Deadline: 26th march , at 9am
Choose from one of the tittles below. (Use guidance notes to help you)
What scope do you have for being creative in your writing at university?
‘Creativity’ is a highly contested term: people do not agree on what it is. Here I do not expect you to be conversant with the vast literature on creativity; I’m more interested in you thinking about what it might mean for yourself. Specifically, I’m interested in whether or not it’s possible for you to be creative (whatever that means; it’s for you to work out) in your academic work. Refer to specific examples here. Refer the reader to specific pieces of work; you might like to quote from your own work (assignments you have written). You might also like to compare academic with non-academic work. You will have to write in the first person (‘I’).
How does the writing you do at university compare with the writing you do outside university?
In what ways, basically, are writing at home and at university similar and different? You can refer to texting, blogging, letter or diary writing, fiction writing, poetry – whatever forms of non-academic writing you wish. But you need to be specific in your examples: no generalizations. Refer to your own academic and non-academic writing (quote, summarize). There is room in this essay for you to consider the question of whether or not creativity can extend to academic work. To consider this, you’d need a working definition of creativity. (Don’t just get this from the dictionary: that won’t help you much.) Think too about how writing inside and outside the university influence each other. Are the two words really complete strangers to one another? You will have to write in the first person (‘I’).
What would you say about writing to someone about to start university?
Here you need to think about not only what you say but also how you say it. Your ethos is crucial. You will need to establish your credibility to speak – speaking about your own experience of writing will help. Don’t just present yourself as a goodie-goodie. Show your reader that you have practical experience of what you’re writing about. Jung was once asked why he didn’t give good advice to his patients. ‘Because they wouldn’t take it,’ he replied. People don’t like just being told how they should think or what they should do, so don’t just tell the soon-to-be student, ‘You should do this… you should not do that.’ You’ll need to give the impression that you are on his side. You will have to write in the first person (‘I’).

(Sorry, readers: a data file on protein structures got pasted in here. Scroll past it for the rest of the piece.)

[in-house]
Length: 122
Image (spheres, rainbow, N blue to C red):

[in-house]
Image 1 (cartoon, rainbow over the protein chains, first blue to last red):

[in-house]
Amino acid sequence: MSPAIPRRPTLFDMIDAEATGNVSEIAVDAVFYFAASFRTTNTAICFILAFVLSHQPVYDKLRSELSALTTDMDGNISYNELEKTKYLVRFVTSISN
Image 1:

Assignment must include the followings
showing evidence of subtlety and sophistication
writes in a cogent, assured, and lucid manner
demonstrates an impressive grasp of the language including absence of unintentional mechanical errors in grammar, punctuation, sentence construction, tense (excluding technical experimentation that is motivated)
displays a width of reading and depth of knowledge
presents conceptually focussed ideas
takes calculated, conscious risks that work
demonstrates a high degree of critical and self-critical awareness
carefully edited, clearly a complete literary work, with few changes or additions suggested
shares a number of features with work awarded the higher grade, but although very good, it is not, finally, sufficiently original or sophisticated to justify the A
makes an intelligent, but perhaps not entirely successful, attempt to approach a topic
demonstrates considerable, if not always successful, use of secondary reading
demonstrates evidence of critical and self-critical awareness